But this year I signed up for Colour me Rad again.  It is just so fun.  And last year, I didn’t do much running during the course.  I hadn’t trained for dang hills!  I’ve been seeing so much momentum, and doing so many more things that I never thought I could do so I figured why not try running again.  I have told myself (and my running crew) that I won’t do as many as I had done last year, but it’s hard to stay away.

Saying that, I decided I have to be more consistent.  Last year, I never really got over the 1.5(walk):1(run).  Several times I tried the 1(walk):1.5(run), but I could never sustain it.  This year is going to be different.  Friday, I started using the Couch-to-5K app.  The first week (with 3 workouts/week) is the interval I am familiar with.  My goal, as I do each interval 3 times, is to gradually build up my pace.  For example, when I started Friday, I did about 2.8K.  Sunday, for my second workout, I pushed myself to go at least 3K.  Today, for my third, my goal is to be over 3.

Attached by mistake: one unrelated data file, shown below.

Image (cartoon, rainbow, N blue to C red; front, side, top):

It’s hard to look at the end result of the plan, and see that I would be running for about 30 minutes.  I can’t fathom that now.  So I have to remind myself to just see the glen in the trees that’s just ahead.  No more, definitely no less.  I also have to be careful, because I am starting to have hip pain (darn that IT band!) and cramps are always at the surface, but I know how to help with hip pain, and as my muscles form and change, hopefully the cramps will settle themselves down.

It looks like my first race is May 31, with the Boys and Girls Club (Airdrie) Race for Kids.  Last year, my best time was just over 47 minutes.  My goal is to be faster than that.  I don’t have a specific number; just faster than 47 minutes would be enough for me.  And then I’ll move on from there.

It’s hard not to compare yourself to other runners, but what I like about going to these runs, is that every runner I’ve come across are just so happy to see other runners, regardless of skill level that they shout out encouragement.  It’s a great feeling to know that whether you’re the slowest or the fastest, you all come across that same finish line.